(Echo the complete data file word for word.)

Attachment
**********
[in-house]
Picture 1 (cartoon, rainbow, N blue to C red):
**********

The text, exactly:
[in-house]
Picture 1 (cartoon, rainbow, N blue to C red):